FIG. 1 shows a partially cutaway, perspective view of a prior art corrugated sandwich construction;
FIG. 2 shows a similar view of the instant invention, showing offset corrugationns that provide moisture pathways and also showing a series of shape-mandrels, extended from inside the corrugations, that can be used to form the offset pattern;
FIG. 3 shows a front elevation of the offset corrugation construction;
FIG. 4 shows a top view, with the upper face sheet partially cut away of the offset corrugations; and
FIG. 5 shows a cross-sectional view of the offset corrugations, taken along lines V-V of FIG. 3.
Referring now to the drawings wherein like referenced characters designate like or corresponding components throughout the several views, there is shown in FIG. 1 a typical prior art corrugated sandwich construction 20 having open cells 23a,b and c alternately adjacent open cells 24a,b, contained between face sheets 21a and b. The only difference between the cells being that cells 23a,b and c have a flat roof section 26 adjacent face sheet 21a and cells 24a,b have a flat roof section 27 adjacent face sheet 21b. Cells 23 and 24 are formed by corrugations, consisting of peaks and troughs, in a core material, which can be various metals, plastics, composites or non-composites, and face sheets 21a and b are bonded to appropriate roof sections 26 and 27, respectively. Under stress, the face sheets may crack or separate from the cells, permitting moisture to accumulate therein, and with time, cause the core material to increase in weight and corrode. The usual procedure for repair entails cleaning out any damage and resealing the face sheets by applying heat and pressure (or vacuum) thereto. This is unreliable and sometimes causes further problems with the face sheets.
Referring now to the inventive embodiment of FIGS. 2 through 5, there is shown a sandwich construction 35 comprising corrugated strips 41 and 43, each having peaks 45 and troughs 47, offset, or out of phase by a predetermined amount, contained between upper and lower face sheets 51a and b, respectively. This offset corrugated construction provides hexagonally shaped cells 55 surrounded on either side by individual triangular cells 58. The material used for a particular core is separated into strips 41, of approximately one-half inch in width and wrapped around a set of mandrels 60,61, as shown in FIG. 2. Strips 41 can be of any suitable size and can depend on the overall size and strength of the sandwich construction. Mandrels 60,61 maintain the desired shape and spacing during attachment of face sheets 51a and b, but are then removed after the cocuring operation. This design allows pathways for any moisture that may find its way into the core. Mandrels 60,61 can be any solid type material, such as TFE or other similar materials, to facilitate removal after curing.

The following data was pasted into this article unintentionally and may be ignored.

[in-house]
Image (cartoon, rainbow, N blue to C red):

Experimental work with a test sample constructed with this offset corrugated core, as compared to a sample constructed using a prior art design, shows a 56% increase in transverse shear stiffness in the weaker direction (in the direction of corrugation). A comparison of bending stiffness shows no measurable difference between the two.
Finally, while the offset corrugated core sandwich construction has been described with reference to a particular embodiment, it should be understood that the embodiment is merely illustrative as there are numerous variations and modifications which may be made by those skilled in the art. Thus, the invention is to be construed as being limited only by the spirit and scope of the appended claims.
|Cited Patent||Filing date||Publication date||Applicant||Title|
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|US3574103 *||Sep 6, 1968||Apr 6, 1971||Atomic Energy Commission||Laminated cellular material form|
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|U.S. Classification||428/98, 428/114|
|International Classification||B32B3/28, B31D3/00|
|Cooperative Classification||B32B3/28, B31D3/005|
|European Classification||B32B3/28, B31D3/00C|
|Jun 23, 1993||AS||Assignment|
Owner name: UNITED STATES OF AMERICA, THE, AS REPRESENTED BY T
Effective date: 19930622
Free format text: ASSIGNMENT OF ASSIGNORS INTEREST;ASSIGNOR:RAY, HEMEN;REEL/FRAME:006603/0951